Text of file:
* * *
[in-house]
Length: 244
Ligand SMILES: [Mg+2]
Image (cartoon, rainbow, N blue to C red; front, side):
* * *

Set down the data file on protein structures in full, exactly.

[in-house]
Length: 244
Ligand SMILES: [Mg+2]
Image (cartoon, rainbow, N blue to C red; front, side):